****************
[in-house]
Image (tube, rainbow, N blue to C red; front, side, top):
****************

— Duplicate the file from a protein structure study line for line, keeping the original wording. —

[in-house]
Image (tube, rainbow, N blue to C red; front, side, top):